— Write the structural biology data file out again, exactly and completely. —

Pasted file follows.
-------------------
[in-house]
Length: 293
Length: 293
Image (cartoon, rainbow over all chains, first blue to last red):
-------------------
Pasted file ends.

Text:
[in-house]
Length: 293
Length: 293
Image (cartoon, rainbow over all chains, first blue to last red):